What is available to game developers to take advantage of implicit multi-GPU rendering technologies as of 2016? For this question I will only be asking about Nvidia's SLI and AMD's Crossfire technologies as they apply to rendering in OpenGL and Direct3D, specifically non-ancient versions of these APIs like OpenGL core 3.3+ and Direct3D 10.0+.

What tools do developers have access to, to programmatically detect and alter the state of implicit multi-GPU rendering for their game?

A key component of this question is what is openly available to independent developers, SLI and Crossfire aren't problems to AAA developers who get GameReady drivers tweaked to enhance the performance of their game and have SLI profiles included within the driver. What is available for smaller developers to take advantage of multiple GPUs?

At the very least, is there anything that developers can do to reduce the negative effects that these technologies can cause? Is there a way to avoid a FPS drop or artifacts that come with SLI/Crossfire bugs, can a developer programmatically disable SLI or Crossfire?

With all of this, how is the cross-platform support? Is there a solution for these issues that will work across Windows, Linux, and OSX? Will it work with OpenGL and Direct3D? Can it run out of the box or packaged with your game?


1 Answer 1


With all the research I've done on this topic looking for modern solutions, this is as much I could find available to independent developers available as of early 2016 for SLI and CrossFire:

Windows + CrossFire + AGS for Direct3D (Allows for some explicit control)

I was really impressed with what AMD had done for Windows with their AMD GPU Services API which allows for explicit control over CrossFire configuration on GCN-based (HD 7000+) GPUs when using Direc3D 11. They have good documentation, a getting started guide, and samples.

Windows + CrossFire for OpenGL and Direct3D

You don't get any explicit control, but there are things you can do to make your game more friendly for CrossFire Alternate Frame Rendering, even for OpenGL. They have a couple guides on optimizing your game for AMD GPUs and CrossFire. You may be able to increase the performance of your game just by requesting that the AMD drivers try to use CrossFire AFR on your game be renaming the executable to AFR-FriendlyOGL.exe or AFR-FriendlyD3D.exe.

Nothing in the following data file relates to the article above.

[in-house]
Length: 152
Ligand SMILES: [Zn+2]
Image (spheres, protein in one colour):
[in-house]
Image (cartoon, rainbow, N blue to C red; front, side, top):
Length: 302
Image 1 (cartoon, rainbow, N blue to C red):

Windows + SLI + NVAPI for Direct3D

The Nvidia NVAPI allows developers the ability to query some information about the current SLI configuration and use that information to better configure their rendering engine. Functions like NvAPI_D3D_GetCurrentSLIState allow you to query some information about the SLI AFR configuration if you are using Direct3D 10+.

Windows + SLI for OpenGL and Direct3D

Nvidia provides a best practices guide for SLI AFR (Alternate Frame Rendering) and SFR (Split Frame Rendering). Which appears you can influence the Nvidia drivers in a similar way as the AMD drivers by renaming your executable to AFR-FriendlyD3D.exe. There is also, the Nvidia GPU programming guide which will help you optimize your game for Nvidia GPUs which will naturally help your SLI compatibility and performance as well.

Linux + SLI or Crossfire for OpenGL

Nvidia and AMD are on a fairly equal playing field here. SLI and CrossFire are practically impossible to get working even for AAA titles, it takes a lot of user configuration to get SLI or CrossFire working slightly. In most cases performance goes down or introduces terrible graphics issues when SLI or CrossFire are enabled. Implicit multi-GPU support just doesn't work here yet, at least not consistently enough for you to depend on it for your game. This is an issue that I hope to see change soon in the future as many enthusiasts and VR users are making a move to Linux and SteamOS to tinker in a more open space.

Mac OSX + SLI or Crossfire for OpenGL

Support for this is worse than on Linux for the most part, but it doesn't seem like it will be a necessity. The cheapest computer running OSX with two GPUs starts at $3,000 USD and ships with two workstation GPUs (FirePro) realistically anyone looking to spend that much money on a computer for games isn't going to buy a mac in the first place.

In closing, multi-GPU support for games today isn't great but it's getting easier to build games for enthusiast grade hardware, and if you really care about getting that much more performance APIs like Vulkan and Direct3D 12 look like they will provide some great explicit multi-GPU support.

  • \$\begingroup\$ It would seam that basic concurrent processing techniques would be paramount for implicit multi-gpus. Making sure to avoid f'( f( null, 0 ), dt ) type updates, where the next frame is computed based on the immediately previous frame, would go a long way to increasing the programs efficient utilization. The biggest challenge would appear to be querying the system to find out how many cards are being used so that algorithms can be adjusted accordingly. \$\endgroup\$
    – Zixradoom
    Mar 3, 2017 at 2:18

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